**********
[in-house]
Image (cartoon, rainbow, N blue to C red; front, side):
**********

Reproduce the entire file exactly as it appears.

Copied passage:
[in-house]
Image (cartoon, rainbow, N blue to C red; front, side):